Getting Austin transit back on track

Some thoughts on buses, trains, and ride-hailing.

Getting Austin transit back on track
The 803 MetroRapid. The 803, which travels along S. Lamar, Guad & Burnet, is one of our highest ridership routes.

A late newsletter tonight folks. Nothing on Wednesday though –– it is my custom to take off city holidays. Happy Juneteenth!

Over in Houston, Mayor John Whitmire is doing everything he can to make the Bayou City less friendly to pedestrians, cyclists and transit users. And yet, bus ridership in Houston has returned to pre-pandemic levels.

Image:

Meanwhile, in Austin, all of our local leaders have enthusiastically embraced pro-transit branding and, to their credit, have pushed through a number of groundbreaking investments in non-car infrastructure in the past four years. And yet our bus ridership, like that of most other U.S. transit agencies, is stuck a little above 80% of pre-pandemic level.

The graph above, from a recent Cap Metro report, shows that the 82% of pre-pandemic ridership that Cap Metro retains puts it slightly above average among the "medium-sized" bus agencies surveyed by the American Bus Benchmarking Group. But for those of us who support a mobility paradigm shift, slightly above average is hardly grounds for merriment.

Ridership is not the only concern. What is also troubling is how much we are spending for that ridership.